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Why Does the Minimum Wage Have No Discernible Effect on Employment?

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  • John Schmitt

Abstract

The employment effect of the minimum wage is one of the most studied topics in all of economics. This report examines the most recent wave of this research – roughly since 2000 – to determine the best current estimates of the impact of increases in the minimum wage on the employment prospects of low-wage workers. The weight of that evidence points to little or no employment response to modest increases in the minimum wage.

Suggested Citation

  • John Schmitt, 2013. "Why Does the Minimum Wage Have No Discernible Effect on Employment?," CEPR Reports and Issue Briefs 2013-04, Center for Economic and Policy Research (CEPR).
  • Handle: RePEc:epo:papers:2013-04
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    References listed on IDEAS

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    1. Sara Lemos, 2008. "A Survey Of The Effects Of The Minimum Wage On Prices," Journal of Economic Surveys, Wiley Blackwell, vol. 22(1), pages 187-212, February.
    2. Laura Giuliano, 2013. "Minimum Wage Effects on Employment, Substitution, and the Teenage Labor Supply: Evidence from Personnel Data," Journal of Labor Economics, University of Chicago Press, vol. 31(1), pages 155-194.
    3. Card, David & Krueger, Alan B, 1994. "Minimum Wages and Employment: A Case Study of the Fast-Food Industry in New Jersey and Pennsylvania," American Economic Review, American Economic Association, vol. 84(4), pages 772-793, September.
    4. Anne Beeson Royalty, 2000. "Do Minimum Wage Increases Lower the Probability that Low-Skilled Workers Will Receive Fringe Benefits?," JCPR Working Papers 172, Northwestern University/University of Chicago Joint Center for Poverty Research.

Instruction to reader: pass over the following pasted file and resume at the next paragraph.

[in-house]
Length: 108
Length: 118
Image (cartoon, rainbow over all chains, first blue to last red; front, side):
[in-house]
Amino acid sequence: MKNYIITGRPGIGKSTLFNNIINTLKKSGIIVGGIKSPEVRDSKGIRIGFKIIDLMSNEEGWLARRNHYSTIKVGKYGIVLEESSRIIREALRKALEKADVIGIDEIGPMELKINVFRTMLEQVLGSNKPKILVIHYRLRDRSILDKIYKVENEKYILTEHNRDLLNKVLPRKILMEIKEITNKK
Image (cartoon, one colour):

5. DiNardo, John & Fortin, Nicole M & Lemieux, Thomas, 1996. "Labor Market Institutions and the Distribution of Wages, 1973-1992: A Semiparametric Approach," Econometrica, Econometric Society, vol. 64(5), pages 1001-1044, September.
    6. Sylvia A. Allegretto & Arindrajit Dube & Michael Reich, 2011. "Do Minimum Wages Really Reduce Teen Employment? Accounting for Heterogeneity and Selectivity in State Panel Data," Industrial Relations: A Journal of Economy and Society, Wiley Blackwell, vol. 50(2), pages 205-240, April.
    7. David Card, 1992. "Do Minimum Wages Reduce Employment? A Case Study of California, 1987–89," ILR Review, Cornell University, ILR School, vol. 46(1), pages 38-54, October.
    8. John T. Addison & McKinleyl Blackburn, 1999. "Minimum Wages and Poverty," ILR Review, Cornell University, ILR School, vol. 52(3), pages 393-409, April.
    9. David Neumark & William L. Wascher, 2008. "Minimum Wages," MIT Press Books, The MIT Press, edition 1, volume 1, number 0262141027.
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    11. Thomas R. Michl, 2000. "Can Rescheduling Explain the New Jersey Minimum Wage Studies?," Eastern Economic Journal, Eastern Economic Association, vol. 26(3), pages 265-276, Summer.
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    15. Kosali Ilayperuma Simon & Robert Kaestner, 2003. "Do Minimum Wages Affect Non-wage Job Attributes? Evidence on Fringe Benefits and Working Conditions," NBER Working Papers 9688, National Bureau of Economic Research, Inc.
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    More about this item

    Keywords

    minimum wage; labor; employment; inequality; poverty;
    All these keywords.

    JEL classification:

    • J - Labor and Demographic Economics
    • J2 - Labor and Demographic Economics - - Demand and Supply of Labor
    • J3 - Labor and Demographic Economics - - Wages, Compensation, and Labor Costs
    • J31 - Labor and Demographic Economics - - Wages, Compensation, and Labor Costs - - - Wage Level and Structure; Wage Differentials
    • J38 - Labor and Demographic Economics - - Wages, Compensation, and Labor Costs - - - Public Policy
    • J6 - Labor and Demographic Economics - - Mobility, Unemployment, Vacancies, and Immigrant Workers
    • J8 - Labor and Demographic Economics - - Labor Standards
    • D - Microeconomics

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